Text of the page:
“[A]n outstanding book that will serve as a fine supplement (and guide) to important primary texts in early twentieth-century continental philosophy” (Notre Dame Philosophical Reviews).
Early Twentieth-Century Continental Philosophy offers a lucid and engaging introduction to the major works of French and German philosophy in the first half of the century. Leonard Lawlor takes as his starting point the original publication of Bergson’s Introduction to Metaphysics in 1903, and his endpoint as the original publication Foucault’s The Thought of the Outside in 1966.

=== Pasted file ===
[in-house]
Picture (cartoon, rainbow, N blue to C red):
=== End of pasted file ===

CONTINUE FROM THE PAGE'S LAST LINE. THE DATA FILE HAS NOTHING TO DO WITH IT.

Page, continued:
Lawlor interprets key texts by major figures in the continental tradition, such as Bergson and Foucault, as well as Freud, Heidegger, Husserl, and Merleau-Ponty. Taken together, his assessment of these figures illustrates the major theoretical trends of the time―immanence, difference, multiplicity, and the overcoming of metaphysics.